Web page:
Olfactory Characterization and Training in Older Adults: Protocol Study
Fabíola Zambom-Ferraresi 1 , Fabricio Zambom-Ferraresi 1 , Joaquín Fernández-Irigoyen 2 , Mercedes Lachén-Montes 2 , Paz Cartas-Cejudo 2 , Juan José Lasarte 3 , Noelia Casares 3 , Secundino Fernández 4 , Bernardo Abel Cedeño-Veloz 5 , Enrique Maraví-Aznar 6 , Maria Itziar Uzcanga-Lacabe 6 , Arkaitz Galbete 7 , Enrique Santamaría 2 , Nicolás Martínez-Velilla 1 5
The aim of this article is to present the research protocol for a prospective cohort study that will assess the olfactory function and the effect of an intervention based on olfactory training in healthy very old adults (≥75 years old).
A convenience sample of 180 older people (50% female) will be recruited in three different environments: hospitalized control group (CH) with stable acute illness (n = 60); ambulatory control group (CA) of community-based living (n = 60); and an experimental odor training group (EOT) from nursing homes (n = 60).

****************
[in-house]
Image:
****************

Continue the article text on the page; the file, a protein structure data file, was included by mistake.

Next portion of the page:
The odor training (OT) intervention will last 12 weeks. All the volunteers will be assessed at baseline; CA and EOT groups will also be assessed after 12 weeks. The primary end point will be change in olfactory capacity from baseline to 12 weeks period of intervention or control.
The intervention effects will be assessed with the overall score achieved in Sniffin Sticks Test (SST) - Threshold, Discrimination, and Identification (TDI) extended version. Secondary end points will be changes in cognitive tasks, quality of life, mood, immune status, and functional capacity. All these measurements will be complemented with an immune fitness characterization and a deep proteome profiling of the olfactory epithelium (OE) cultured ex vivo.
The current study will provide additional evidence to support the implementation of olfactory precision medicine and the development of immunomodulatory nasal therapies based on non-invasive procedures. The proposed intervention will also intend to increase the knowledge about the olfactory function in very elderly people, improve function and quality of life, and promote the recovery of the health.
CITATION Front Aging Neurosci. 2021 Nov 16;13:757081. doi: 10.3389/fnagi.2021.757081